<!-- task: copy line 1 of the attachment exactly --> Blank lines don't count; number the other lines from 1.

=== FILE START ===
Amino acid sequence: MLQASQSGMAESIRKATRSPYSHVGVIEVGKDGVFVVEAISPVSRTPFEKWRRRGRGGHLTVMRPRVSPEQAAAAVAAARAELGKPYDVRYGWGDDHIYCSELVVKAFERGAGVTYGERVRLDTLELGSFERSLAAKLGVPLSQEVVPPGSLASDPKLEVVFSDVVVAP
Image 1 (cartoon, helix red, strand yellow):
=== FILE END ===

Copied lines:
Amino acid sequence: MLQASQSGMAESIRKATRSPYSHVGVIEVGKDGVFVVEAISPVSRTPFEKWRRRGRGGHLTVMRPRVSPEQAAAAVAAARAELGKPYDVRYGWGDDHIYCSELVVKAFERGAGVTYGERVRLDTLELGSFERSLAAKLGVPLSQEVVPPGSLASDPKLEVVFSDVVVAP